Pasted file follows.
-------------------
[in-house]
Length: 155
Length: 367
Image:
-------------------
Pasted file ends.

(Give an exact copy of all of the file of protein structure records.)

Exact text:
[in-house]
Length: 155
Length: 367
Image: